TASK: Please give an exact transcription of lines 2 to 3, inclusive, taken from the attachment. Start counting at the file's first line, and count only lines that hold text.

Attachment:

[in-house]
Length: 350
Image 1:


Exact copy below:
Length: 350
Image 1: